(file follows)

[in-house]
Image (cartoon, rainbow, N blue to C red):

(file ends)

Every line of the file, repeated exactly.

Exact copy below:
[in-house]
Image (cartoon, rainbow, N blue to C red):